Ring of the Week: Mayall's Object
“Love is a burning flame
And it makes a fiery ring
Bringing hurt to the heart’s desire
I fell in the ring of fire”
– Johnny Cash
Before I venture any deeper into the mysterious world of Ring Galaxies, I thought I would give a quick introduction to the archetypal ring galaxy – the “Collisional Ring”.
Collisional Rings are formed when a smaller galaxy crashes through the centre of a larger galaxy. Just as throwing a stone into a pond creates an outwardly moving circular wave, a gravitational density wave is generated at the point of impact throwing matter out into a ring shape. Most Collisional Ring galaxies manage to hold onto a nucleus in the centre of the ring but sometimes the disturbance is so large that the nucleus is completely destroyed. Thanks to the work of Zoo members I have so far found about 125 Collisional Rings in the Galaxy Zoo (and still searching…!) so we can safely say that Collisional Rings are quite a rare phenomenon.
It is incredibly rare to see the galaxy collision actually taking place so my Ring of the Week this week is a fantastic Collisional Ring seen just after impact. Nick-named ‘Mayall’s object’, this ring is located in the constellation of Ursa Major, approximately 450 million light-years away. The image on the left is the Galaxy Zoo image and on the right is an image of the same galaxy taken by the Hubble Space Telescope. You can clearly see the elongated “bullet” galaxy blasting through the disc, creating a huge raggedy ring of stars.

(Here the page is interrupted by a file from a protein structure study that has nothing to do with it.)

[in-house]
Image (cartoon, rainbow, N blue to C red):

The Hubble image is part of a collection of 59 images of merging galaxies released on the occasion of its 18th anniversary on April 24, 2008. (NASA, ESA, the Hubble Heritage (STScI/AURA)-ESA/Hubble Collaboration, and A. Evans (University of Virginia, Charlottesville/NRAO/Stony Brook University))